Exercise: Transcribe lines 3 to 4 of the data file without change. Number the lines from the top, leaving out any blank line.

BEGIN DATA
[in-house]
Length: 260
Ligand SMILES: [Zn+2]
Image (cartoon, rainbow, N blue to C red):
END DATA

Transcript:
Ligand SMILES: [Zn+2]
Image (cartoon, rainbow, N blue to C red):